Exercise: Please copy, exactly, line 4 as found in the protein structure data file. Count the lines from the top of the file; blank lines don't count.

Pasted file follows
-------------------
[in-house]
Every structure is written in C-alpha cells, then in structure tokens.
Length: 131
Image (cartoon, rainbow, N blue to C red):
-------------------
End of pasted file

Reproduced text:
Image (cartoon, rainbow, N blue to C red):